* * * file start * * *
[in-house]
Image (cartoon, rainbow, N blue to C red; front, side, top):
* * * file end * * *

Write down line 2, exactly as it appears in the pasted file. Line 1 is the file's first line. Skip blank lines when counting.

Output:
Image (cartoon, rainbow, N blue to C red; front, side, top):